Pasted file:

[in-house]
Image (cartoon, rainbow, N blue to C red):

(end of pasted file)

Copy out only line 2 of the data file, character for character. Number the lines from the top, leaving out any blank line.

Image (cartoon, rainbow, N blue to C red):